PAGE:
Valve has faced issues with consumer laws in various parts of the world over the last few years. The company was forced to implement a refund policy for Steam games a few years ago and was also hit with a $3 million fine in Australia. Now this week, Steam is being called into question again, with a French court reportedly ruling that Valve can't prohibit users from re-selling their digital games.
French outlets NextInpact and Numerama are reporting that France's consumer rights association, UFC-Que Choisir, has managed to get a judge to rule that consumers be allowed to re-sell ‘dematerialised' goods- in other words, digital content, like software. The current Steam Store policy states that the resale of accounts or games is strictly prohibited- a policy that isn't allowed under EU laws.
What is odd about this is that the focus is currently being placed on Steam, but every single digital store has a similar policy. You can't re-sell your digital Xbox One, PS4 or Switch games, nor can you re-sell your owned digital copies of PC titles on any store front. Beyond that, you can't re-sell any movies, songs or books you've purchased on the Google Play Store, iTunes, Amazon or other services and under this ruling, those digital entertainment mediums would be affected too.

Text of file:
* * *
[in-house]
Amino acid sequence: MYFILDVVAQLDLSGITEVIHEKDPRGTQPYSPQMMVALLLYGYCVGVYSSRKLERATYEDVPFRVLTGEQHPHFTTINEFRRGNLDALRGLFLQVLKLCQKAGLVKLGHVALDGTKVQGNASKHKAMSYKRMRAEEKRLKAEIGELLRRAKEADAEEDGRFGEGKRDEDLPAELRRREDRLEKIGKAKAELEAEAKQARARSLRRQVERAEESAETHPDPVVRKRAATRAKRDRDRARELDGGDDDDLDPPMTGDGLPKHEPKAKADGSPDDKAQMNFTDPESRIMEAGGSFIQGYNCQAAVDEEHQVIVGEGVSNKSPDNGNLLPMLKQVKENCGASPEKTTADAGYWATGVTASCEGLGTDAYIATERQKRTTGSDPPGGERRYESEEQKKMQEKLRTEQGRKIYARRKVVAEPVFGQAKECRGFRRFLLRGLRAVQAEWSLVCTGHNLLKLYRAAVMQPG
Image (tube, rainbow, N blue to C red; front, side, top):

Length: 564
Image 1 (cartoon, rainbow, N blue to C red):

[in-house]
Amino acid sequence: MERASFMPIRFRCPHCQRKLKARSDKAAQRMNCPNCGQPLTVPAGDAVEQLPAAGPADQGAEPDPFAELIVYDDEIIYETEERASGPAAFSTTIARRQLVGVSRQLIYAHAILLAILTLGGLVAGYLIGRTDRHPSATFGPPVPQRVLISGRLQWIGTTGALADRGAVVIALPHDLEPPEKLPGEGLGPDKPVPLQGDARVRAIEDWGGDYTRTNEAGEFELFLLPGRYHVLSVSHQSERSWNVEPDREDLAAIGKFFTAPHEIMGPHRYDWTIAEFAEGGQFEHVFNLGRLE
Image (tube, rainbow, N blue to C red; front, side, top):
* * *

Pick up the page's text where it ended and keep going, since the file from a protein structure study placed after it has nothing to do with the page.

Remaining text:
Right now, the court ruling states that Valve will need to remove the clause that prohibits re-selling games or accounts and place a notice of the court judgement on Steam for three months. The alternative is a fine of 3,000 Euros per day for up to six months and the potential for future legal action.
At this point, Valve hasn't made a statement regarding this ruling and we don't know if similar cases will be brought against other digital platforms.
KitGuru Says: This is a tricky situation as there are benefits to the consumer here. Enabling a pre-owned market for digital games would be more in line with owning a physical copy, which you are free to give away or sell at your own discretion. However, if there is no revenue cut for developers, then we could see indie studios struggle to stay afloat, while major publishers would likely invest more in microtransactions, subscription models and online ‘service' style games due to losing revenue on initial and post-launch sales.